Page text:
Film of the Week: Oblivion (12A) ***

Steve Buscemi as Nikita Khrushchev, Jeffrey Tambor as Georgy Malenkov, Adrian McLoughlin as Joseph Stalin, Dermot Crowley as Lazat Kaganovich, Paul Chahidi as Nikolai Bulganin, Paul Whitehouse as Anastas Mikoyan and Simon Russell Beale as Lavrentiy Beria.

Cinema and TRAILER: The Death Of Stalin - cast and director interview

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If planet Earth was decimated by a series of earthquakes and tsunamis, followed by an alien invasion designed to exterminate the pockets of human resistance, you’d stake money on Tom Cruise emerging unscathed from the melee.

The 50-year-old actor has survived three divorces and the very public humiliation of leaping around on Oprah Winfrey’s sofa with his box office cache and nice-guy reputation intact.

Tom Cruise stars as Jack in Oblivion.

Tom Cruise stars as Jack in Oblivion.

In Oblivion, a ponderous post-apocalyptic thriller based on a graphic novel, Cruise is one of the last men standing after planet Earth is reduced to a radiation-poisoned wasteland by a pernicious race.

Survivors have been evacuated to Titan, the largest moon of Saturn, leaving behind small teams to protect the giant machines that extract vital resources to power mankind’s new home.

Drone maintenance officer Jack Harper (Cruise) and his partner, Victoria Olsen (Andrea Riseborough), are two weeks away from retirement on Titan when he rescues an astronaut (Olga Kurylenko) from a crashed space shuttle.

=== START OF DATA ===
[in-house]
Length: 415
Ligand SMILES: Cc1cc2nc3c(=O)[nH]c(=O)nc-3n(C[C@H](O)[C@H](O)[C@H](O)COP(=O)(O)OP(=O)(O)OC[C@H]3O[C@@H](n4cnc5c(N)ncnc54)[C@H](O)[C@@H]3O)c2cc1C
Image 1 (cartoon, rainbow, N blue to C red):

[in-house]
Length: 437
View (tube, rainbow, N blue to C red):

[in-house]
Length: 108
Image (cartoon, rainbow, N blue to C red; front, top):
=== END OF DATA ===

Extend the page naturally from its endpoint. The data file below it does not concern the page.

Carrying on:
This gung-ho act, in direct violation of orders from controller Sally (Melissa Leo), brings the former Marine into contact with a grizzled resistance leader, Malcolm Beech (Morgan Freeman), and his right-hand man (Nikolaj Coster-Waldau).

‘It’s time to learn the truth,’ booms Malcolm, hinting at a convoluted conspiracy that provides Cruise with the perfect excuse to perform impressive acrobatics amid a blitzkrieg of digital effects.

Oblivion looks stunning, with a lightly colour-bleached palette that accentuates cold metal greys and blues.

Looks aren’t everything, though, and the script’s philosophical musings about humanity and self-sacrifice are almost as flimsy as the central love triangle that fails to ignite the emotional afterburners for a slam-bang finale.